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(Pocket-lint) - It must be tough for any competitor trying to break into a mobile phone market dominated so heavily by the big boys. People hate change and trying to convince them that the phone they currently use isn’t the one for them is tough.

Sagem is just one of the companies that has this task ahead of it, but will its latest model the Sagem My X6-2 be the one to break the Nokia/Sony Ericsson mould? We get dialling to find out.

Out of the box, the first thing you’ll notice is the large 2in 262k colour display that overshadows the rest of the phone. It’s bright, clear and lets you see everything going on at a glance.

Below that is a keyboard, which in use comes across as rather flimsy. Depending on whether you’ve opted for the Vodafone exclusive or not, will depend on your phone’s key colours - non-branded models have black keys with an under light that doesn’t quite shine through while Vodafone customers will get a bright white set to punch. Either way, we weren’t impressed.

Get past the somewhat plasticky feeling to the whole affair and the menu system is straightforward enough, but for some reason incredibly slow to respond. This, coupled without a progress icon (not even a tumbling hour glass or beach ball of death) and you are left wondering on more than one occasion as to what’s going on.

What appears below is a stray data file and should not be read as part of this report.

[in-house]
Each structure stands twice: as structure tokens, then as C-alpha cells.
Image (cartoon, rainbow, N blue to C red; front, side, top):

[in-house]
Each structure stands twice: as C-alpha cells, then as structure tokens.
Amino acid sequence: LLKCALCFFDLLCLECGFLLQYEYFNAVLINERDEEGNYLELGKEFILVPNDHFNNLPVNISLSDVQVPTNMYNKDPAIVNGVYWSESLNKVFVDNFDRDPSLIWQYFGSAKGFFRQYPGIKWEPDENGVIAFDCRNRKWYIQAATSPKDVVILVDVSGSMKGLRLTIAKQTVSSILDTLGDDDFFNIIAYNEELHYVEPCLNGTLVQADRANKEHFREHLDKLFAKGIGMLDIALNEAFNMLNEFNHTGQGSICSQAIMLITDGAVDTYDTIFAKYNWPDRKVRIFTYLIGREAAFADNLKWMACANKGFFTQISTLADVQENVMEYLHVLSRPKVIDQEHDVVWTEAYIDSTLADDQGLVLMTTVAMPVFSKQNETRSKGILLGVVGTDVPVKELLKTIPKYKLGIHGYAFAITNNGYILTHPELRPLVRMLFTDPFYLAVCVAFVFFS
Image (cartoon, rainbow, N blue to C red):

Get past the menu issues and Sagem have thrown in a 1.3megapixel camera for you to take snaps with. The camera’s performance is average and nothing out of the ordinary. Storage-wise you are have to fend for yourself with Transflash and a rather poor 8Mb on board to share for pictures, messages, contacts and applications and this only makes you conscious of the images you take.


It would be fair to say that this phone is an underachiever, that will no doubt be the free contract offering from Vodafone and other operators from the start.

This isn't necessarily a bad thing, it's just for us, the phone has no wow factor, and certainly no excitement.

The trouble is, if you're looking for a safe bet you aren't going to opt for a phone that's not a Nokia or an Ericsson and for that reason, that dominance of the big boys will just carry on.

Writing by Stuart Miles. Originally published on 1 September 2005.